Social Security

You would be hard pressed to find an individual who believes that the Social Security System as structured today’ is sustainable in the future.  Since the time when Social Security was established, the life expectancy for both men and women has increased by more than 10 years.  The average individual in the System today can expect to enjoy a longer life and healthier lifestyle than past generations and the expectations of longer longevity continues to move ahead.  The bad news is the current system does not provide the resources necessary to fund the additional years.

For example, lets assume you saved enough money to fund each of your 3 children’s college education.  Your oldest child decides to take 5 or 6 years to get a degree.  Would you take money, from the college fund of the younger siblings, to pay for one or two more years of college?  Probably not, instead you would insist that you child completes their degree in the required 4 years.  (I may not agree with Governor Perry on a lot of issues but he was pretty close to the mark when he called the current system a legal Ponzi Scheme.)

But here is where the analogy breaks down.  You cannot insist that an individual die according to the life expectancy that existed when social security was established.  But we need to recognize that things change.  I am delighted that my life expectancy is much greater than my father’s or grandfather’s, and I am certain they would have enjoyed a few additional years if possible.

The solutions are obvious but politically difficult to implement.  Either additional tax must be paid into the system or the retirement age must be extended over time to reflect current life expectancies.  Of course, no one wants to pay more taxes or to work additional years before collecting social security.   We are all basically selfish and seem to be willing to take money from the younger generations to fund those additional years we did not fund.  And virtually no politician has the courage to tell the American people the truth.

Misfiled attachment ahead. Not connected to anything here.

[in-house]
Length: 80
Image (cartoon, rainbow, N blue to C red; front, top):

We will eventually “take the medicine” and solve the problem.  We have no choice.  But it will take far longer than it should.  True “leaders” always set a great example for those they lead.  Maybe we would all be more willing to accept the solutions if our “political leaders” (an obvious oxymoron) set a good example by reducing their own pension and medical benefits.

4 Comments

Filed under Life

4 responses to “Social Security

  1. I’ve invested into the SS fund over the past 15 yrs, and under the current rules have 37yrs to go before the remote possibility of a return….and the solution is to add onto that time horizon???ughhhh!!!!
    Each time I see the tax removed from my gross earnings, I get depressed and angry. PROPOSAL: I invest $5 each time into lotto tickets, and the rest just write the check directly to you and my mom…that way I have a remote possibility of a return plus I get to feel I’m not just burning my hard earned $$$$$!!!!!

  2. What about individuals getting to choose between

    A) paying more and collecting earlier
    Or
    B) paying less and collecting later

    I’d like to work for as long as I’m able-bodied, so I’d choose B

    I suppose that’s not really feasible to give people a choice, though.

  3. Charlie B

    I’m sure Dan will be adding some commentary from his friend Jose Pinera, who knows about as much about how to “fix” a nations social security system as anyone walking the planet.

  4. Sherif Balogun

    Show Me The Money! The current mandatory system is obviously not working so the next step would be to give the choice to the people. Just like the college fund is a choice of the parents to put the money aside or deal with it when it happens. This will make way for innovative companies with new ideas and ways of doing it. Less government, but the responsibilities still lies on the government to regulate the sector. Focus on a better healthcare system, but I am always in favor of taxing the billionaires, their bonuses, and lobby budgets.

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